Commas set off prepositional phrases, those that begin with the prepositions above, across, against, along, among, around, at, before, behind, below, beneath, beside, between, by, down, from, in, into, near, of, off, on, to, toward, under, upon, with, and within.
These phrase might appear anywhere in a sentence: In the beginning, everyone was sober or Everyone in this place, beside you and me, is now drunk or I think we should leave, if that's what you mean.
Commas are used to separate sentences joined by a coordination conjunction: but, or, so, and, yet, for, nor.
He wanted ice cream, but he was trying to lose weight. or He lost ten pounds, yet that wasn't enough.
Contrary to the opening statement, you can often feel where commas belong by the rhythm of the sentence, not by pauses as much as by groupings of words.
The second use of the comma is to separate items in a list. See the next section on the Oxford comma.
A topic of great dispute, the last comma in a string of items has become known as the Oxford comma. Some style guides, including the Associated Press's, do not use it, so you will not see this construction in newspapers and magazines.
The Oxford Comma
Can you identify the difference between these two sentences?
No Oxford comma
It was a mixed crowd on Palm Beach that day and I ran into two hookers, Donald Trump and Rudy Guilliani.
With Oxford comma
It was a mixed crowd on Palm Beach that day and I ran into two hookers, Donald Trump, and Rudy Guilliani.
What a difference a comman can make. Always use a comma before the and/or that preceeds the final item in a list.
Not so controversial as the Oxford comma, still the Associated Press style guide has recently opted to accept less in place of fewer in their unending quest for illiteracy.
Less versus Fewer
"The boss has scheduled me for less time on the clock," she said.
"Yeah, I'm getting fewer hours, too."
If the items can be counted, as hours can be, then fewer is correct. If the item cannot be counted, "time" is not a metric, then less is correct.
There is a gray area; when an item is so numerous that it would not reasonably be refered to by number, then either can be used:
There were less coffee beans in the bag than I expected.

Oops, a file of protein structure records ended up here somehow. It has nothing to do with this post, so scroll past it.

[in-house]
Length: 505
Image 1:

Though to my ear, fewer is preferred. Your choice.
This is closely related to Less versus Fewer.
Number versus Amount
"What amount of people are you expecting at the rally?" This is incorrect unless you're gathering participants by weight.
"What number of people..." is correct.
"What amount of meat should I cook for the rally?" is correct as meat is not numeric.
Passed is only used as a form of the verb "pass."
Passed versus Past
He tried to grab my arm, but I pushed passed him.
The big fire engine has gone passed.
Past functions as a noun (the past), adjective (past times), preposition (just past), and adverb (running past), but never a verb.
It is past your bedtime. You have passed your bedtime.
When past is used as an adjective it refers to a time gone by or something from, done, or used in an earlier time.
Past this point usually refers to being in a position relative to the point.
Passed this point refers to being in motion relative to the point.
Both are grammatically correct.
This past weekend was a lot of fun. It passed too quickly.
Simply, Could of is derived from a mispronunciation of the contraction could've. Could have is correct.
Could have versus Could of
Same for: must, should, would. All are followed by have.
I/he/she are subject pronouns and me/him/her are object pronouns; I/he/she do the action, me/him/her receive the action.
Me/I, he/him, she/her
Every day she walks to the sea and looks straight ahead not at
She is looking at the person. The person is someone to whom the action is taking place, the object of the action. ..looks straight ahead not at him.
It is she is correct; the nominative case pronoun is required even though It is her slides by via common usage.
Is He is taller than me correct?
Complete the sentence: He is taller than me am doesn't sound right.
He is taller than I am is better ==> He is taller than I is correct.
Grammarians have finally broken down and conceded a singular pronoun without gender specificy.
They as a singular pronoun
If your child likes athletics, he/she should participate... can now be more easily expressed as If your child likes athletics, they should participate...
It will take a while to become accustomed to it when speaking.
Was is first and third person singular: I was or She was.
Was versus Were
Were is plural and second person singular: They were or You were.
Often, the selection is easy; it just sounds right, however there are sources of confusion:
This topic is about the most basic use of words.
The Real Basic Stuff
They're going to move their truck over there.
They're: Contraction of They are
Their: possessive; indicates something owned, in this case, the truck
There: A place; not here but there
Like you, I'm going to buy two donuts, too.
to can have one of three meanings: "I'm going to school to stay to 2:00pm."
to school: means toward
to stay: part of the infinitive, the action word/verb, stay
to 2:00pm: means until
two is the number 2
too means also or in addition
You're going to ruin your appetite.
You're is a contraction of You are
your is a possessive, something that belongs to you. In this case, your appetite